‘Don't be alarmed,’ it, he, she, said, ‘I shan't harm you. And you are most assuredly not going mad.’
‘But, but,’ I stammered, ‘You're a, you're a pan flute!’
‘Quite so. And I do wish you wouldn't act so frightened. I tell you, I shan't harm you. I simply wish to explain who I am.’
‘Well,’ I said, gathering my wits about me, ‘Who are you?’
‘I was once owned by a sweet young school girl in Peru. Her name was Maria and she loved to make me sing. She was always so merry and her happiness became a part of me. She loved to laugh and she made her music laugh as well. That is why I laugh when anyone plays me now.’
What wonder was this? How intriguing, how frightening this experience was. Yet I found myself not really being afraid. It was quickly coming to be the most normal thing in the world that this little pan flute should be able to speak.
‘Do all of the instruments here speak and have stories to tell?’ I asked.
‘Ah,’ said the pan flute, ‘That you must find out for yourself. This is your journey after all.’
By this time, I had ceased, or nearly ceased to be surprised by any of the things happening in this strange house. So I gently placed the little pan flute back on its shelf while at the same time pondering the strange statement. I looked around me some more, not intending to play anymore of the instruments, for I was not in the habit of taking advantage of others' hospitality. When I saw the piano, however, there was nothing for it, but to sit down and open the beautiful cover. It was a lustrous mahogany and though it had no other decoration, the shine of the wood and the ivory keys were enough to make it exquisitely beautiful. I played a child's tune first, and then a lively dance, not stopping to wonder just how I knew where to place my fingers. What a feeling of praise seemed to fill the room! Each tune I played seemed to carry the echoes of a hymn, no matter what the actual words of the song. When I stopped, a curiously deep and at the same time sing-song voice spoke.
‘Thank Him Who Makes the Stars to Shine that I am played again.’
I jumped, just as I had when the pan flute spoke, but not quite so violently. My powers of rationality seemed to have deserted me. I had jumped at the sound of the voice, rather than at the idea of a piano speaking.
‘Ah, you are still not used to us then. Don't worry; you will understand the nature of things before the night ends.’
‘Who are you? And what do you mean?’
‘I was once a piano in a church. I would be played during services and my music was graciously allowed to aide men in praising their God. Their praises sank deep within me. As to what I mean, I simply said that you would understand the purposes of things before too very long. You shall know why you have come; and be the better for it.’
‘I wish I knew what this was all about!’ I exclaimed in frustration.
‘You shall in time,’ said the piano.
Well, what could I say to that? Something inside me felt it was time to move on. So I gently closed the piano and stood up. In my intrigued and confused state of mind, the feeling that I should not be playing these instruments had momentarily disappeared. So as I looked around, my eye fell on a violin with its bow lying next to it. I had always loved the violin's voice and so took it up.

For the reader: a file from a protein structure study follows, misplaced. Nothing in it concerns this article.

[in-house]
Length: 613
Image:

The wood was smooth as glass and the strings shown as though they had been newly placed on the instrument. Strangely, instead of being a solid color, both the violin and the bow were decorated with an interesting symbol. Two hands clasped a heart with a crown perched upon the heart's top. I have since seen this design on Claddagh rings, but at the time I did not know what it was. These designs were painted in gold on a silvery grey background and the effect was lovely.
My grandfather had played the violin when I was a girl. Whether it was from watching him so often or simply the strangeness of the house, I seemed to know just how to play it. No merriment and laughter did this violin excite. No praises echoed from its strings. Even though I began with a dancing tune, from the first note, the music held such sorrow and a soft wistfulness that seemed to make my soul ache. The violin seemed to be wishing for something that was forever lost to it.
I finished playing several songs and then took the violin down from my shoulder. The voice that spoke was soft and mournful.
‘Ah how I love to sing, though my singing is forever sorrow.’
The voice came from both the violin and the bow, but it was one voice, not two. I was used to this sort of thing by now, so it did not surprise me in the least.
‘Why are you so sad?’ I asked the violin.
‘My master was an old man,’ it replied. ‘He played for many occasions. He was not a man to play for the dances. For he said that his talent was not to be used on frivolity. Though I should have liked so to sing at a dance and watch feet tapping to my rhythm. Ah well, it was not to be. My master played in order to soothe. He played to soothe families of soldiers in his town who died in the Great War. He played to soothe the sadness of a widow woman at her husband’s funeral. He played to soothe the pain of his friends when ever their souls were aching. And when he died, his son played me to soothe his own sorrow. The sadness, the longing, the wishes of those times found their way into my wood and strings. So now, my voice holds sorrow whenever I am called upon to sing.’
‘What manner of place is this?’ I asked the violin. ‘An old woman I do not know has invited me into her home and now here I am. The instruments speak with the voices of men and I am supposed to be on some sort of journey, according to the pan flute.’
‘Aye,’ answered the violin, ‘You are on a journey. It is a journey which all those who carry music in their souls must take. My master took it and found me. The young girl went on the journey and found her pan flute. The piano was part of the journeys taken by the worship leaders in that long ago church. It is the common thread between all musicians.’
‘But what journey?’ I asked.
‘That, I cannot tell you,’ the violin answered, ‘But you shall know when it comes to an end.